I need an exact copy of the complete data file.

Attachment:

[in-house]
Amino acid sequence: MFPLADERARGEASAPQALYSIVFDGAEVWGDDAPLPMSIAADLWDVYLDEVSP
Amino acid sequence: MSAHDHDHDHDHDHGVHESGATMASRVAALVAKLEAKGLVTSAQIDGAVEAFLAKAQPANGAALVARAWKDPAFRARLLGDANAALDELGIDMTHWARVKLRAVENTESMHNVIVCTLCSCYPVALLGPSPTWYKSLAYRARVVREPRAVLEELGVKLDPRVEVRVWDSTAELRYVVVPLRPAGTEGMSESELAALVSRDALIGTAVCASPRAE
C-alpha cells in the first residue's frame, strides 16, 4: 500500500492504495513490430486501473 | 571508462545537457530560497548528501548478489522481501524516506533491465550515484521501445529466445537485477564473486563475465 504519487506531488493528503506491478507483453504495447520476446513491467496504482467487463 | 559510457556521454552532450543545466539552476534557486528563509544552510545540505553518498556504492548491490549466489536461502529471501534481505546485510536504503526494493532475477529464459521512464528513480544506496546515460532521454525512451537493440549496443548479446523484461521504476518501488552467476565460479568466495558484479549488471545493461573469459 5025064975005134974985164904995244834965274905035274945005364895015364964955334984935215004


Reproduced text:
[in-house]
Amino acid sequence: MFPLADERARGEASAPQALYSIVFDGAEVWGDDAPLPMSIAADLWDVYLDEVSP
Amino acid sequence: MSAHDHDHDHDHDHGVHESGATMASRVAALVAKLEAKGLVTSAQIDGAVEAFLAKAQPANGAALVARAWKDPAFRARLLGDANAALDELGIDMTHWARVKLRAVENTESMHNVIVCTLCSCYPVALLGPSPTWYKSLAYRARVVREPRAVLEELGVKLDPRVEVRVWDSTAELRYVVVPLRPAGTEGMSESELAALVSRDALIGTAVCASPRAE
C-alpha cells in the first residue's frame, strides 16, 4: 500500500492504495513490430486501473 | 571508462545537457530560497548528501548478489522481501524516506533491465550515484521501445529466445537485477564473486563475465 504519487506531488493528503506491478507483453504495447520476446513491467496504482467487463 | 559510457556521454552532450543545466539552476534557486528563509544552510545540505553518498556504492548491490549466489536461502529471501534481505546485510536504503526494493532475477529464459521512464528513480544506496546515460532521454525512451537493440549496443548479446523484461521504476518501488552467476565460479568466495558484479549488471545493461573469459 5025064975005134974985164904995244834965274905035274945005364895015364964955334984935215004